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Sinistrality-a side-effect of prenatal sonography: A comparative study of young men - paper from 2001

Although ultrasound during pregnancy is used extensively, there is little published on adverse fetal effects. We undertook a cohort study including men born in Sweden from 1973 to 1978 who enrolled for military service. We estimated relative risks for being born left-handed according to ultrasound exposure in fetal life using logistic regression analysis. Eligible for the study were 6,858 men born at a hospital that included ultrasound scanning in standard antenatal care (exposed) and 172,537 men born in hospitals without ultrasound scanning programs (unexposed). During the introduction phase (1973 to 1975) there was no difference in left-handedness between ultrasound exposed and unexposed (odds ratio = 1.03, 95% confidence interval (CI) = 0.91 to 1.17). When ultrasonography was offered more widely (1976 to 1978), the risk of left-handedness was higher among those exposed to ultrasound compared with those unexposed (odds ratio = 1.32, 95% CI = 1.16 to 1.51). We conclude that ultrasound exposure in fetal life increases the risk of left-handedness in men, suggesting that prenatal ultrasound affects the fetal brain.1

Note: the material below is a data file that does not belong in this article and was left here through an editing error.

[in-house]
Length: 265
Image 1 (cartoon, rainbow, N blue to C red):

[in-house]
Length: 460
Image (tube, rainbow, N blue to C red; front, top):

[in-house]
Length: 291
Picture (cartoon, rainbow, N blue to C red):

While this article may have proven that left handedness may be affected by prenatal ultrasound screening, is there any evidence suggesting that prenatal ultrasound screening may negatively impact the fetus?

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    Why is left-handedness negative or risky? Also, your quoted text mentions no effect from 1973 to 1975, and it would be interesting to see if there was an increased left-handedness birth rate that somehow correlates with the [assumed] increase in ultrasounds being performed on pregnant women. – Randolf Richardson Dec 12 '11 at 3:59
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    The quote you give is simply reporting an effect, not a pronouncement on harm. The last sentence of the paper suggests that the change in handedness could be a side effect of some brain injury due to the ultrasound, which is hypothesis of the mechanism and not a judgement of harm either. – Joel Rein Dec 12 '11 at 4:08